No doubt when he is rejected, as he surely will be, it will time for another defection. No doubt he will ask: ‘Is it coz I is gay?’ It’s his habitual excuse for political failure. I may have failed to get elected, but I’ve never trotted out that excuse and never will.
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Moving on to Kensington, where Sir Malcom Rifkind saw the political writing on the wall and quit before he was pushed, it will be interesting to see how the selection for his successo develops.
Victoria Borwick has already declared her hand and, according to Guido Fawkes, has hired Nick Wood’s Media Intelligence Partners to boost her profile. The front runners for Kensington mostly seem to be a potpourri of sporting celebs – Andrew Strauss, James Cracknell and Frank Lampard (yes, really).
I know nothing about Strauss’s political ambitions, but I do know that James Cracknell has been serious in pursuing a political career and was a Euro candidate. But we are told that Number Ten are determined to have a woman selected in Kensington.
The finger is being pointed at Laura Trott, a Cameron adviser, who has tried for various seats with no luck so far. I’ve no idea how good she is, but isn’t it rather sickening that, in virtually every final at the moment, the same nine or ten people are appearing? No one can seriously tell me that this is all down to local decision making.
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One name I was very pleased to see on the betting odds for Kensington was that of Tim Montgomerie, late of this parish.
Tim and I may not agree on much, but I think he’d make a superb parliamentarian – thoughtful, passionate and with a strong set of ideological beliefs. The trouble is that he’s having none of it. It’s a sad indictment on our politics that someone like Tim isn’t at all interested in pursuing a career in elected politics.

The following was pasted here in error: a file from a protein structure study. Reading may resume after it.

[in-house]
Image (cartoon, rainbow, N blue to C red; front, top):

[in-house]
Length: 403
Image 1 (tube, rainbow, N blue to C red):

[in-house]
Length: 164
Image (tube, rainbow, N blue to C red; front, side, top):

I’d like to think that at some point he might indeed still appear in Parliament. In ermine.
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And, just for the record, even though my name has appeared at 33/1 on the betting odds for Kensington, I have absolutely no interest either. Not even a flicker. Not a twinge.
Just as well seeing as it’s nearly five years since I have been on the candidates list. One of my LBC colleagues reckoned he could make a quick buck by putting some money on me to win, and I kept protesting that I don’t want to run. (Was he trying to get rid of me?)
He then said: “What if David Cameron rang you up, and told you he wanted you to stand?” I didn’t even need to think. “No, Dave,” I’d say, in the style of a sketch show character whose name I have now forgotten: “It’s not a maverick radio presenter you need in Kensington – it’s a future Prime Minister. I bid you farewell. Now get on with running the country.” His next call would probably be to Katy Hopkins.
Now there’s a thought. I really shouldn’t put them into people’s heads, should I? But I am serious. Whoever wins Kensington should be someone who you could imagine in ten years’ time leading the Conservative Party, and then the country. If I had a vote there, I wouldn’t even consider shortlisting anyone who didn’t meet that criteria.